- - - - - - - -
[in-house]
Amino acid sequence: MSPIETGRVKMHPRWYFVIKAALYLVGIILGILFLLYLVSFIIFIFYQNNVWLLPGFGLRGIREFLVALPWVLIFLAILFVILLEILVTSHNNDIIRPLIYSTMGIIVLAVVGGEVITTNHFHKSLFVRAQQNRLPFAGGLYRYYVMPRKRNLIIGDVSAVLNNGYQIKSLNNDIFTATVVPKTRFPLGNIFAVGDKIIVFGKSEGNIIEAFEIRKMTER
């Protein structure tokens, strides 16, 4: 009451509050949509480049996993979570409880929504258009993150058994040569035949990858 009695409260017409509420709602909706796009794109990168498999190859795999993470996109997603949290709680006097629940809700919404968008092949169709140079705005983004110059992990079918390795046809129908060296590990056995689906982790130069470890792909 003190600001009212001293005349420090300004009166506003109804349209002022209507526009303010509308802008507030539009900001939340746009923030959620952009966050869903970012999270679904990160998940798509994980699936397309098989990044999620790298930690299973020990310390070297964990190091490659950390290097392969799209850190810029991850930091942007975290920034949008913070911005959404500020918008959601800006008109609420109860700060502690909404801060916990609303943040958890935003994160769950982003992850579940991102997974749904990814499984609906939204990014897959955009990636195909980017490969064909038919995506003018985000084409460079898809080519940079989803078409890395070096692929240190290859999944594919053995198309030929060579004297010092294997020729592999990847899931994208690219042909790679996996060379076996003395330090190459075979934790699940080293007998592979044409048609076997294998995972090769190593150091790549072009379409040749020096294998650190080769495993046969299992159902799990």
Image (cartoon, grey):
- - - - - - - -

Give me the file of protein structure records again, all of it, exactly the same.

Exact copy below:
[in-house]
Amino acid sequence: MSPIETGRVKMHPRWYFVIKAALYLVGIILGILFLLYLVSFIIFIFYQNNVWLLPGFGLRGIREFLVALPWVLIFLAILFVILLEILVTSHNNDIIRPLIYSTMGIIVLAVVGGEVITTNHFHKSLFVRAQQNRLPFAGGLYRYYVMPRKRNLIIGDVSAVLNNGYQIKSLNNDIFTATVVPKTRFPLGNIFAVGDKIIVFGKSEGNIIEAFEIRKMTER
């Protein structure tokens, strides 16, 4: 009451509050949509480049996993979570409880929504258009993150058994040569035949990858 009695409260017409509420709602909706796009794109990168498999190859795999993470996109997603949290709680006097629940809700919404968008092949169709140079705005983004110059992990079918390795046809129908060296590990056995689906982790130069470890792909 003190600001009212001293005349420090300004009166506003109804349209002022209507526009303010509308802008507030539009900001939340746009923030959620952009966050869903970012999270679904990160998940798509994980699936397309098989990044999620790298930690299973020990310390070297964990190091490659950390290097392969799209850190810029991850930091942007975290920034949008913070911005959404500020918008959601800006008109609420109860700060502690909404801060916990609303943040958890935003994160769950982003992850579940991102997974749904990814499984609906939204990014897959955009990636195909980017490969064909038919995506003018985000084409460079898809080519940079989803078409890395070096692929240190290859999944594919053995198309030929060579004297010092294997020729592999990847899931994208690219042909790679996996060379076996003395330090190459075979934790699940080293007998592979044409048609076997294998995972090769190593150091790549072009379409040749020096294998650190080769495993046969299992159902799990």
Image (cartoon, grey):